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    Re: Lunars.
    From: Herbert Prinz
    Date: 2001 Jul 09, 2:58 AM

    My apologies to Nigel Gardner, Steven Webster and the list.
    I meant to reply to Nigel's question via the list, but - by hitting the reply
    button - the message was mistakenly sent to Steven directly. Hence he commented
    on a message of mine that nobody on the list had seen. Having been cruising
    since July 4th, I did not notice and could not rectify the problem earlier.
    Although Steven kindly quoted the whole message without omissions, I post it
    here for the sake of good order and hope to answer to the received comment
    Steven Wepster wrote:
    >> the altitudes of the bodies need not be taken very accurate. <<
    As a matter of fact, the altitudes don't have to be taken at all, as they
    can be computed. However, the problem with this is that actual refraction
    might differ from the tabulated values and hence measuring the altitude
    might result in higher accuracy. Has anybody ever investigated this?
    As to the question of an algorithm itself, this depends on the purpose of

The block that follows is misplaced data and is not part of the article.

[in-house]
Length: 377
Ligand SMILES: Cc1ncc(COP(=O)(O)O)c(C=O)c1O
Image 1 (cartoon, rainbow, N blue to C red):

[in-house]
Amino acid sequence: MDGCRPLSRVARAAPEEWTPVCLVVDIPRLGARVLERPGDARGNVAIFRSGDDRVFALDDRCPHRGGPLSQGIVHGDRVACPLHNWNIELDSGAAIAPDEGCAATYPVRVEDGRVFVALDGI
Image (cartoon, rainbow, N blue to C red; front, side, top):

the algorithm. For historical research, often the original methods have to
    be emulated and the then available ephemeris be used. For modern use, the
    fastest and safest algorithm would be right in the spirit of St. Hilaire:
    heuristic and iterative. The distance is a function of time. Starting from
    a reasonable "assumed time", compute the corresponding "computed
    distance", compare it against the "observed distance", make a correction
    and iterate until the difference between computed and observed value is
    small enough.
    Best regards
    Herbert Prinz (from 1368950/-4603950/4182550 ECEF)

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